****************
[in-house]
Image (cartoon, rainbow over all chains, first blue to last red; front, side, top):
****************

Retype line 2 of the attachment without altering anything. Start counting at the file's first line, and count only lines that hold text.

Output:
Image (cartoon, rainbow over all chains, first blue to last red; front, side, top):